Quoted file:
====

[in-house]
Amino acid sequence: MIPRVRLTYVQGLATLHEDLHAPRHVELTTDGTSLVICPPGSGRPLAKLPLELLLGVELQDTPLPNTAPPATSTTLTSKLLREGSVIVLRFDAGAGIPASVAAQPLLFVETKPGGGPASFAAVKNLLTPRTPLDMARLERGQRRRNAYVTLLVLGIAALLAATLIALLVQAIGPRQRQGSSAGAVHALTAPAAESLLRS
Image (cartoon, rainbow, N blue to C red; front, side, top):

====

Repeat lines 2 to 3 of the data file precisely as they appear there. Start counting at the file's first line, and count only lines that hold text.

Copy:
Amino acid sequence: MIPRVRLTYVQGLATLHEDLHAPRHVELTTDGTSLVICPPGSGRPLAKLPLELLLGVELQDTPLPNTAPPATSTTLTSKLLREGSVIVLRFDAGAGIPASVAAQPLLFVETKPGGGPASFAAVKNLLTPRTPLDMARLERGQRRRNAYVTLLVLGIAALLAATLIALLVQAIGPRQRQGSSAGAVHALTAPAAESLLRS
Image (cartoon, rainbow, N blue to C red; front, side, top):